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Lionel Lindsay | Drafting Sheep
Selected works from the TAMA Collection
Monday 20th July - Tuesday 8th December 2020
10.00am - 4.00pm
Ararat Gallery TAMA
Drafting Sheep is a collection display that celebrates the work of Lionel Lindsay. Born into an artistic family in Creswick, Victoria, Lindsay (1874-1961) was, without doubt, one of Australia’s great black and white artists – as a printmaker his achievements remain arguably unrivalled in Australian art of this era.
Almost 50 years ago, Lindsay’s niece Felicity Shaw generously gifted the work Pheasanox Magnolius by her famous uncle to the then newly established Ararat Gallery. Shortly after, Lindsay’s son Peter gifted a further number of his father’s prints including the iconic Drafting Sheep, effectively establishing the Gallery’s collection.
Drafting Sheep sits within a rarer series of Lindsay’s nostalgic Australian bush scenes from 1946-50. Lindsay was a lifelong and vocal opponent of modernism, however, by the late 1940s, his generation of traditionalists had been usurped by an ascendant generation of young modern artists.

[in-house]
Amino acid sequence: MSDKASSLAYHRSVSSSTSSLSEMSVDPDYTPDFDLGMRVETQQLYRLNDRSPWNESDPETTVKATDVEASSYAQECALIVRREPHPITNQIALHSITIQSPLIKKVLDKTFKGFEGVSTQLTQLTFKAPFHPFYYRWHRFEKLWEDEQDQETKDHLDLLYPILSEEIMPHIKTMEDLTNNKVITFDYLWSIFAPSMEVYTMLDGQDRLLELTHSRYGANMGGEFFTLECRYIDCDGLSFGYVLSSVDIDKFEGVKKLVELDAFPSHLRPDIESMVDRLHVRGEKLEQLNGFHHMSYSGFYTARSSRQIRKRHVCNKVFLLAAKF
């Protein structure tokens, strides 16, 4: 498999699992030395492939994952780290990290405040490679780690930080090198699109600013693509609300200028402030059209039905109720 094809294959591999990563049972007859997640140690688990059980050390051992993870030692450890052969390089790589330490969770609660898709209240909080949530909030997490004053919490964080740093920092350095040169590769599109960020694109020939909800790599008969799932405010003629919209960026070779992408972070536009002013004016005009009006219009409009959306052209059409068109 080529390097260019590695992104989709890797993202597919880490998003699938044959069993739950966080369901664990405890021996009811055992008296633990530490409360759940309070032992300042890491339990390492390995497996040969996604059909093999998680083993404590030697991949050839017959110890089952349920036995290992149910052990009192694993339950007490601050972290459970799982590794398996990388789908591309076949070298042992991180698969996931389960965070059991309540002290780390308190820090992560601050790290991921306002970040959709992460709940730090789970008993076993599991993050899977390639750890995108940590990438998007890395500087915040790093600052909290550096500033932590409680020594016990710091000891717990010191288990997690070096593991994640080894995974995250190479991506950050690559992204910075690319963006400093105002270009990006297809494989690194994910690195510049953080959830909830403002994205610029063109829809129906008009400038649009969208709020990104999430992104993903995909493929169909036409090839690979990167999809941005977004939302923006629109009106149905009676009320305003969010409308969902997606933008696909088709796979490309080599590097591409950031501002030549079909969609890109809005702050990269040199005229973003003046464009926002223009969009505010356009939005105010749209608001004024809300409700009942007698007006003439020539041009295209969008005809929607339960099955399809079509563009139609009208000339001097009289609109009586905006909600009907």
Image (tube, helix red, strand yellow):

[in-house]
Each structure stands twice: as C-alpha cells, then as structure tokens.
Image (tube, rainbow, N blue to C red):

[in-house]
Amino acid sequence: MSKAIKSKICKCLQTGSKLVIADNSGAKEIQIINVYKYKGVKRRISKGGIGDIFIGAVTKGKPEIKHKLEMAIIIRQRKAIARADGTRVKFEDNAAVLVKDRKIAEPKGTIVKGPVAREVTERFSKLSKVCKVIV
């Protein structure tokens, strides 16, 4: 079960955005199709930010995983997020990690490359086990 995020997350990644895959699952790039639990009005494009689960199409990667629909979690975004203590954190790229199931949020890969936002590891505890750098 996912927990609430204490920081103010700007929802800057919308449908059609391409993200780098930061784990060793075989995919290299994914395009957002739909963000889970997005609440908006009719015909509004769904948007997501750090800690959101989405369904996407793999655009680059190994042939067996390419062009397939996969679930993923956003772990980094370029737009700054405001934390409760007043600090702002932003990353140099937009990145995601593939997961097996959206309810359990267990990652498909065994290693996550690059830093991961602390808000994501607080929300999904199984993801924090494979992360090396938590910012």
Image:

Lindsay weathered these profound changes in Australia’s cultural landscape with difficulty, but today we can view the nostalgic realism of these three prints with hindsight and appreciate Lindsay’s unyielding commitment to his art, as revealed through his late-career mastery of the complex mezzotint process.
The White Fan, also included in this collection, was widely lauded for its dramatic contrasts, fine detail and technique at the height of Lindsay’s skill, while The Great Door, Burgos notably drew comment from Anglo-French writer and historian Hilaire Bellac that “it optimised the whole history of the Catholic Church”.
Further to the image of this famous Spanish Cathedral, this exhibition also includes etchings depicting scenes from Tunisia and India likewise from Lindsay’s 1928-30 travels – Lindsay travelled widely throughout his career including North Africa and extensively in Europe. He maintained markets in Australia, the United Kingdom and beyond for his prints, and together with his more famous brother, Norman Lindsay, he exhibited and published books and print folios through Colnaghi in London.